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PostgreSQL Database Table Descriptions

This document describes the various tables in PostgreSQL by their purpose and essentially what data each contains. This is intended as a reference for socorro developers and analytics users.

Tables which are in the database but not listed below are probably legacy tables which are slated for removal in future Socorro releases. Certainly if the tables are not described, they should not be used for new features or reports.

Raw Data Tables

These tables hold "raw" data as it comes in from external sources. As such, these tables are quite large and contain a lot of garbage and data which needs to be conditionally evaluated. This means that you should avoid using these tables for reports and interfaces unless the data you need isn't available anywhere else -- and even then, you should see about getting the data added to a matview or normalized fact table.


The primary "raw data" table, reports contains the most used information about crashes, one row per crash report. Primary key is the UUID field.

The reports table is partitioned by date_processed into weekly partitions, so any query you run against it should include filter criteria (WHERE) on the date_processed column. Examples:

WHERE date_processed BETWEEN '2012-02-12 11:05:09+07' AND '2012-02-17 11:05:09+07'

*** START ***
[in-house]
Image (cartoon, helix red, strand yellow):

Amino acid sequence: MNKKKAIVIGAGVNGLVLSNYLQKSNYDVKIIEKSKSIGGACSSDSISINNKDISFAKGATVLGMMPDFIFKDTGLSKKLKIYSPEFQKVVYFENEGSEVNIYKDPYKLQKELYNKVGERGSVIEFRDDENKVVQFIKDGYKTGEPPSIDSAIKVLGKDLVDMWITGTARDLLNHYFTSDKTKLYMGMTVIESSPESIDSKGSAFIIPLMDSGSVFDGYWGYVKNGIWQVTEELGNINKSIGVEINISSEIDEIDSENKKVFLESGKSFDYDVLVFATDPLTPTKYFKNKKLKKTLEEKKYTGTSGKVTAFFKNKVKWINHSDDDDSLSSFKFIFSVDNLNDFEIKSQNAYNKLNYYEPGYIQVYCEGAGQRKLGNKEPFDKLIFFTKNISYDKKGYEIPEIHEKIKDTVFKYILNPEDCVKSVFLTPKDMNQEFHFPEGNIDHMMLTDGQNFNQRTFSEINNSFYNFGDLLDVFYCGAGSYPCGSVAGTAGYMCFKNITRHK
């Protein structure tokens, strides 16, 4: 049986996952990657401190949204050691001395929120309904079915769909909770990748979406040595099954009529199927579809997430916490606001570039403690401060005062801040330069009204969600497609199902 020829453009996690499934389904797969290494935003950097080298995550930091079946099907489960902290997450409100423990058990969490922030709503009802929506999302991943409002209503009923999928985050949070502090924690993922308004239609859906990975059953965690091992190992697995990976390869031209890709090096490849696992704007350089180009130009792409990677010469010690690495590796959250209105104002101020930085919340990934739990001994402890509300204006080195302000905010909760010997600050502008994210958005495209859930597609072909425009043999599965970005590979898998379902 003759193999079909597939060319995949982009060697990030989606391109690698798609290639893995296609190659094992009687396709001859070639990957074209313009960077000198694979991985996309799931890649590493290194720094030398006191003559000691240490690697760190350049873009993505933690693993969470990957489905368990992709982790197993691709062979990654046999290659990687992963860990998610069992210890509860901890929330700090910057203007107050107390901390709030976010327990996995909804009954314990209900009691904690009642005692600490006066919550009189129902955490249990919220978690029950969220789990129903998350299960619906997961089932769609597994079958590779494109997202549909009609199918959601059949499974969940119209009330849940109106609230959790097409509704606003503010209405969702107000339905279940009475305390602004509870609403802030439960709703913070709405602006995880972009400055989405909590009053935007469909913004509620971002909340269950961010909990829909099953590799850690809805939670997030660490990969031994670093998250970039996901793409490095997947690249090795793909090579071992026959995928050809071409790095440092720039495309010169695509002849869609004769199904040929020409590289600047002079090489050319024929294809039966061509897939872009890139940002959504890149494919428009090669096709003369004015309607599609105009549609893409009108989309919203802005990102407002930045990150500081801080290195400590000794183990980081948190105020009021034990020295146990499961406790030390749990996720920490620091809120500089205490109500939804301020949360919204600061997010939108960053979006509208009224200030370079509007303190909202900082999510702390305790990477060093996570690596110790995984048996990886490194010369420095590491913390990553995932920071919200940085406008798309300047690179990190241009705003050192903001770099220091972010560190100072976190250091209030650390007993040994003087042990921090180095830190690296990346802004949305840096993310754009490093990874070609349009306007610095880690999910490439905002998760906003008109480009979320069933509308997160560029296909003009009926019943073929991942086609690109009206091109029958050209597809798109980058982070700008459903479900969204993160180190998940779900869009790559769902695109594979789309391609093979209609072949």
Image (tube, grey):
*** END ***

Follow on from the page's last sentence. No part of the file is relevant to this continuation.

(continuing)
WHERE date_processed >= DATE '2012-02-12' AND date_processed < DATE '2012-02-17'
WHERE utc_day_is(date_processed, '2012-02-15')

Data in this table comes from the processors.


Contains information on add-ons installed in the user's application. Currently linked to reports via a synthetic report_id (this will be fixed to be UUID in some future release). Data is partitioned by date_processed into weekly partitions, so include a filter on date_processed in every query hitting this table. Has zero to several rows for each crash.

Data in this table comes from the processors.


Contains information on some, but not all, installed modules implicated in the crash: the "most interesting" modules. Relates to dimension table plugins. Currently linked to reports via a synthetic report_id (this will be fixed to be UUID in some future release). Data is partitioned by date_processed into weekly partitions, so include a filter on date_processed in every query hitting this table. Has zero to several rows for each crash.

Data in this table comes from the processors.


Contains lists of bugs thought to be related to crash reports, for linking to crashes. Populated by a daily cronjob.


Links bugs from the bugs table to crash signatures. Populated by daily cronjob.


Contains counts of estimated Average Daily Users as calculated by the Metrics department, grouped by product, version, build, os, and UTC date. Populated by a daily cronjob.


Contains raw data about Mozilla releases, including product, version, platform and build information. Populated hourly via FTP-scraping.


Contains UUIDs of groups of crash reports thought to be duplicates according to the current automated duplicate-finding algorithm. Populated by hourly cronjob.

Normalized Fact Tables